Six months ago, lockdown measures were introduced in Great Britain to slow the spread of the coronavirus (COVID-19). Throughout the pandemic, we have been asking people about their opinions and behaviours, and for the first time we present people’s experiences in their own words.
Whilst in self-isolation, my life is on hold.
Lockdown measures were first introduced on 23 March. While this created huge changes for many, with schools, workplaces and all non-essential retailers being ordered to close, more than half of adults surveyed at the time said they thought life would be back to normal within six months.
By late August, “more than a year” was the most popular response, with over a third (37%) of adults saying they thought this is how long the pandemic would last.
“How long do you think it will be before your life returns to normal?” Base population: all adults
Many people were unsure, and uncertainty remained a consistent theme:
Lack of any idea about when and how things might “return to normal”. Uncertainty ahead. No vaccine ready. Not being able to go out with the kids to do basic things such as the park, cinema, or walk around.
I miss being able to hug the people that I love and can’t be with. Skype is great, but it’s not the same.
In the first two weeks of April, half of adults said their well-being was being affected by the pandemic. By this time, many had been confined to their homes, except for essential shopping and exercise, for several weeks.
Alongside this, the number of death registrations involving COVID-19 was at its highest: the number of weekly deaths in England and Wales recorded by the Office for National Statistics (ONS) was 8,758 on the week ending 17 April. In the same week, lockdown measures were extended for a further three weeks.
“How anxious did you feel yesterday? Where 0 is ‘not at all’ and 10 is ‘completely’”. Base population: all adults.
“How happy did you feel yesterday? Where 0 is ‘not at all’ and 10 is ‘completely’”. Base population: all adults.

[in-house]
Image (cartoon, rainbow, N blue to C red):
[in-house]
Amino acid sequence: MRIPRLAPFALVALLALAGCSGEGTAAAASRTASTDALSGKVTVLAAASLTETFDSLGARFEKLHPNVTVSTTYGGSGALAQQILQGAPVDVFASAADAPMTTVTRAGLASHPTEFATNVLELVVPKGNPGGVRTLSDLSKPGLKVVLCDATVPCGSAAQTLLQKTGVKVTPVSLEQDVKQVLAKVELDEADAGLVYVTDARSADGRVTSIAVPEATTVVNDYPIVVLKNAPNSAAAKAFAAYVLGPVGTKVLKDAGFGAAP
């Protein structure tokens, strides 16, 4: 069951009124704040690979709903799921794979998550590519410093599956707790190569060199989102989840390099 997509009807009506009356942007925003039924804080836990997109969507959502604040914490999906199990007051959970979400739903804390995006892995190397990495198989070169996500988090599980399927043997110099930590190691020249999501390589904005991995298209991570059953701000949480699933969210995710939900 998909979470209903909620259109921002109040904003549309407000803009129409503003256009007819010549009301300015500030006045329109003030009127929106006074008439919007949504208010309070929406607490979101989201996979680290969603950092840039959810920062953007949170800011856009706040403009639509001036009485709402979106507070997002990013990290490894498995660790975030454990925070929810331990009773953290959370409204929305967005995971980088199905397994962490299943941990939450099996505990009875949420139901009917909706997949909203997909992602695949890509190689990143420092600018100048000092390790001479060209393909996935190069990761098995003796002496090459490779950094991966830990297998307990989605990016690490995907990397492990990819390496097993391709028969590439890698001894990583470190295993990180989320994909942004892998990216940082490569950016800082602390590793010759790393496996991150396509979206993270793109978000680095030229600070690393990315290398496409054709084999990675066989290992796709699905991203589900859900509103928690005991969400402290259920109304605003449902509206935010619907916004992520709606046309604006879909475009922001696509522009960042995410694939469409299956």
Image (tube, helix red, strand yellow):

Compared to pre-pandemic levels, happiness was lower and anxiety was higher, and many comments from respondents reflect this.
I’m at the wrong end of life to have quality and length of life stolen. very unhappy and stressed, can’t see any end to this.
Video calling family made 100% difference to my life. Initially 45% of adults said they were worried about the future, with other common reasons being boredom, feeling stressed or anxious, or feeling lonely.
Am unable to do any of the things which normally fill my life and keep loneliness at bay, i.e. visiting friends, shopping, visiting places of interest, seeing children.
Have no social life as can’t see my son or friends so feeling isolated and lonely.
“In the past seven days, how has your well-being being affected?”. Base population: all adults.
Respondents were able to select more than one option. There were further response options available, and the chart shows the most common responses across the weeks.
While many struggled, some people saw improvements to their well-being, and others reported an increased sense of community spirit, with 80% of adults saying they thought people were doing more to help others since the outbreak:
It’s not affecting me at all really. I enjoy my own company, gardening, reading, baking and walking my two dogs. Life’s pretty good.
The village has organised volunteers who will help if needed.
The expectation from our employers is high and there is very little time to help our twins. It is very stressful, and I feel incredibly guilty.
Between 7 May and 7 June 2020, 87% of parents said a child in their household had been homeschooled because of the coronavirus.
Only half of adults said they felt confident in their abilities to homeschool, 43% said homeschooling was negatively affecting their child’s well-being, and 36% said homeschooling was putting a strain on their relationships.
At the end of May, 39% of parents reported that their children were struggling to continue their education at home, and this rose to 60% by mid-June. The most common reasons given were a lack of motivation, and a lack of parents’ time to provide support.